(203i) Downstream Processing of Extrudates: Polymer Platform Development for Hot-Melt Extrusion/Tableting Via in-Line Monitoring of Compaction Properties

Grymonpré, W., Ghent University
Vanhoorne, V., Ghent University
De Beer, T., Ghent University
Remon, J. P., Ghent University
Vervaet, C., Ghent University

As the number of applications for polymers in pharmaceutical development is increasing, there is need for fundamental understanding on how such compounds behave during processing. This research is focussed on the tableting behaviour of polymers used as carriers for solid dispersions manufactured via hot-melt extrusion (HME). Despite the fact that HME has been widely used for solid dispersion technologies there is still limited knowledge on how this processing technique might influence the downstream processing such as the tableting behaviour of pharmaceutical polymers and their formulations (Iyer et al., 2013). Therefore, a novel approach was developed to monitor and analyse ‘in-die’ compaction properties directly on a rotary tablet press during downstream processing of milled extrudates. This is advantageous due to the possibility of performing in-line measurements during the tableting process. During the first part of this research, a polymer platform was developed from which researchers can select the adequate polymer for both HME and tableting purpose by using formulation properties and in-line measured compaction properties (Grymonpré et al., 2017). Afterwards, a promising polymer was selected from this platform and subjected to a quality-by-design (QbD) approach with different active pharmaceutical ingredients (API’s) to understand the influence of process and formulation parameters on the critical quality attributes (CQA) of extrudates and tablets of a hot-melt extruded solid dispersion formulation.

MATERIALS AND METHODS Soluplus (SOL), Kollidon VA 64 (VA 64) and Eudragit EPO (EPO) were selected as amorphous polymers, PVA 4-88 as semi-crystalline polymer, while Celecoxib (CEL) was chosen as BCS class II model drug for development of the polymer platform. Neat polymers and physical mixtures (35% drug load) were processed via HME (Prism Eurolab 16, Thermo Fisher, Germany) using co-rotating twin-screws containing 3 mixing zones.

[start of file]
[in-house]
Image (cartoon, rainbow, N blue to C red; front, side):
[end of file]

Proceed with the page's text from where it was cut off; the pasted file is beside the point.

The extrusion temperature was determined based on the extrudable range of each material as defined via a rheological screening, i.e. the temperature range corresponding to a complex viscosity between 1000 and 10000 Pa.s (Gupta et al., 2015). After cooling the extrudates were milled and sieved to obtain powders with comparable particle sizes as the neat polymer. For each polymer, 3 formulations (neat polymer, neat polymer extrudates and polymer-CEL extrudates) were compressed to tablets (270 ± 10 mg) on a rotary tablet press (MODULTM P, GEA Pharma Systems) equipped with cylindrical flat-faced Euro B punches of 10 mm diameter, using 6 main compaction pressures without a pre-compression step. All tablets were analysed for ‘out-of-die’ properties (tabletability, compressibility, compactibility) immediately after ejection. Punch deformation at each compaction pressure was calculated and corrected for during this study. An experimental approach was developed for in-line analysis of the compaction properties (plasticity factor (PF), in-die elastic recovery (IER) and Heckel analysis) on a rotary tablet press using linear variable displacement transducers (LVDT) incorporated inside the turret and clamped onto one pair of punches and a complementary data acquisition analysis system (CDAAS, GEA Pharma Systems). This approach enabled the monitoring of punch stroke movements during a compression cycle directly on a rotary tablet press. Principal component analysis (PCA) was executed on the relevant characterization and compaction data in order to classify the different materials according to their flowability and compaction behaviour using the multivariate data analysing software SIMCA 13.0.3 (Umetrics, Umeå, Sweden).

Furthermore, a statistical Design of Experiments (DoE) was used to evaluate the influence of three HME process parameters: barrel temperature (160-200 °C), screw speed (50-200 rpm), throughput (0.2-0.5 kg/h) and one formulations parameter: drug load (0-20 %) on the CQA’s of extrudates and tablets of the selected SOL-CEL solid dispersion formulation.